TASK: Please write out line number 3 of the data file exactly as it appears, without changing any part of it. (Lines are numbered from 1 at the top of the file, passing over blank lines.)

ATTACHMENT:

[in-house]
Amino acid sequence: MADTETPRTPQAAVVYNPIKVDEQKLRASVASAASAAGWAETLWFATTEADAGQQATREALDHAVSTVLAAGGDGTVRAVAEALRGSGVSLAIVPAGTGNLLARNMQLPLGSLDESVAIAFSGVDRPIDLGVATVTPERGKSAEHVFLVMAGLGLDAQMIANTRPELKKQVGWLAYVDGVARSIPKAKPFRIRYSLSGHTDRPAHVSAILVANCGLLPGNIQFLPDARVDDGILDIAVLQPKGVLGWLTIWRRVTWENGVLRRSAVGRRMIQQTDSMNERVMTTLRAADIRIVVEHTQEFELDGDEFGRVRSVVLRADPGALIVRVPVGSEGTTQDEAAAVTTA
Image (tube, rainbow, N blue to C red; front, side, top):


Image (tube, rainbow, N blue to C red; front, side, top):